What Writers Can Learn From The Mandalorian

What Writers Can Learn From The Mandalorian


Everybody loves this show, but why does it work? In this post, we look at what writers can learn from The Mandalorian.

For the purposes of this article, I will explore why The Mandalorian is a more popular story than the last Star Wars trilogy: episodes 7, 8, and 9.

A Disappointment To Say The Least

We’ve all heard of KISS, which stands for Keep It Simple Star Wars.

Star Wars should be the biggest franchise in the world. It was for decades, until the Marvel Cinematic Universe stole its limelight.

When Disney bought the property in 2012, we all expected big things for the franchise.

Fans hoped the people that made comic book movies work for mainstream audiences would bring Star Wars back to the big screen like it hadn’t been since the Eighties.

Unfortunately, this did not happen.

It started well. The Force Awakens did well and served as a workman-like bridge between the old movies and a new cast.  But, well, everything after that made less money in the box office and drew smaller audiences.

It wasn’t just the worse than expected returns for the movies. The films began to attract severe criticism. Some of it was earned, and some of it was the nonsense we have come to expect from the internet.

Sadly, I would say these films deserve most of the criticism they received.

On the other hand, The Mandalorian has only been praised, aside from a few people who are upset for ‘fringe’ reasons.

With the news of this success, Disney has reacted, perhaps overacted, and released plans for a half dozen ‘Plus™’ new Star Wars TV shows on their subscription service.

What Writers Can Learn From The Mandalorian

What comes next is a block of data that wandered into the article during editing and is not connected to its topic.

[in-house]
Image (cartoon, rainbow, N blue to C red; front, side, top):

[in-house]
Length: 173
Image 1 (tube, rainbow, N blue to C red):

A Quick Question

Think of a character from the new Disney films. Can you remember their name?

Think of a character from The Mandalorian. I’m guessing you are picturing Baby Yoda or his macho space dad. I bet you even know Baby Yoda’s name is Grogu?

But, Why Is It So Much Better?

It’s simple, really. It’s just easy to follow.

The Cast

There are two main protagonists and one villain.

Contrast this to the movies where we didn’t even know who the villain was until the last movie. There were also so many protagonists that some of them only had cameos in the final film.

We get to spend a lot of time with our protagonists in The Mandalorian. This helps us bond with them.

The Plot

Again, it’s simple. Man (Mando) finds child (Baby Yoda), gets attached to the child, and has to protect him.

It’s easy to understand. We know the stakes and we are invested in the protagonist’s goal. Anybody who wants to hurt Baby Yoda must be evil.

I don’t know what the overall plot of the films was.

There were themes, but themes don’t make people invested.

The problem was that each film had a different and vague goal.

Even after watching them all there was no feeling of resolution. I don’t know what was at stake and I am not sure I really cared if the heroes won or lost.

What I do know is that if anybody hurts a single hair on Baby Yoda’s head, they deserve death.

The Story

In The Mandalorian every episode has a theme. This theme comes with a simple narrative that our protagonist must solve.

Each episode is self-contained, but progresses the story and fits into the next episode.

There is a gradual escalation, but nothing stupid – like blowing up a whole solar system or a thousand mini Death Stars.

In the end of The Mandalorian, we are left satisfied that the question each episode asks has been answered.

In the films we have a hodge-podge of stories, some of which go nowhere.

The films do not feel as if they fit together well. Each film has characters that act in uncharacteristic ways, and they all leave questions unanswered.

This leaves us frustrated, both with too much information and not enough resolution. It is also confusing to follow.

The Direction

The Mandalorian is directed and run by Jon Favreau and David Filoni. Favreau, who directed Iron Man, is a fantastic choice because he is able to create simple stories out of silly worlds and make them feel real and down-to-earth.